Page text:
Agave plants are prepared for their painstaking cooking process in earthen ovens.
On a recent trip to Northern California friends took me to a hip Oaxacan restaurant in downtown Oakland, the new foodie’s mecca of the San Francisco Bay Area. Having lived in Oakland for 40 years prior to relocating to San Diego, I was ready to celebrate the city’s culinary renaissance with a serious margarita at this new Mexican restaurant. I discussed the tequila options in detail with the waiter, and settled on a middle of the road quality from their list of >200 tequilas. The drink I received blew my mind.
While I am a wine expert, my knowledge of tequila is somewhat limited. Having grown up on Mexican food and visited Mexico close to 100 times, I’ve had my fair share of margaritas, however, I’ve never seriously analyzed tequila. While I’ve developed a killer margarita recipe (one of my most requested), I’ve concentrated more on the ratios involved, and complexity using a mélange of different citrus. The margarita I was served at this restaurant changed forever changed my future margaritas.
I knew the tequila in my drink was something completely different from what I have ever experienced. What I tasted was a complex layering of something smoky. Could I have mistakenly ordered a very old tequila that had been aged in wood which had a high toast on the barrel? (Do tequila makers even use toasted barrels?)
I called over the waitress to confirm my order and she affirmed that the margarita she had brought me was indeed the one I had ordered. With further questioning she added that drink’s tequila was a young one and there was no wood influence. I next asked her to bring the bottle. Expecting a deep- colored tequila (from wood aging), the alcohol was perfectly clear. Still perplexed, I asked if I could smell it. Removing the cap, I found a neutral smelling liquid that was not even remotely related to what I smelled in my margarita. I knew there had been a mistake with the tequila. The waitress suggested sending over the restaurant’s tequila expert. Perfecto!
I struck, gold with the tequila guru. He began explaining the tequila that was used in the drink and he, too, confirmed that it had never seen wood. I handed my drink for him to smell. The very first whiff he turned to me and said “You received a margarita made with the wrong alcohol. Your drink is made with mezcal.” He then proceeded to explain the difference between the two liquors, both made from the agave plant.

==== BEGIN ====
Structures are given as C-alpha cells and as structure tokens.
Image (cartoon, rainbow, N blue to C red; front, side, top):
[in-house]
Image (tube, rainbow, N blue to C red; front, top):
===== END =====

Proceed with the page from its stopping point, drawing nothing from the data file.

Mezcal is different from tequila in 3 ways:
1. The biggest difference is the manner in which the two are made. Premium producers of Mezcal roast the agave in underground pits over wood. These earthen “ovens” cook, smoke, and carmelize the agave imparting a complex layering of these flavors. This is exactly what I had tasted in my margarita.
2. Another difference is that tequilia and mezcal are made from different types of agave. By law tequila can only be made only from Blue Agave, however, mezcal can be made not only from the blue plant, but from more than 30 varieties of Agave.
3. The last difference has to deal with laws dictating geographical constraints. Tequila can only be produced in 5 specific regions, whereas mezcal has 9 distinct regions in which it can be made.
The knowledgeable staff person immediately brought me the correct margarita, however, after tasting the mezcal concoction the tequila margarita tasted dull and insipid. Next, the staff expert brought a margarita made with half tequila and half mezscal (one of the favorites on the restaurant’s drink list.) This was perfection! A subtle hint of smokiness was present, but did not over-power as it had done in the original margarita I had been served. This last one was the best of both worlds, laced with complexity but with only a whisper of a smoky profile.
Cinco de Mayo is around the corner. Go buy a bottle of high-end mezscal and a good quality tequila. Experiment. Enjoy. (And, if you should ever be in the Bay Area, don’t miss Calavera restaurant in Oakland).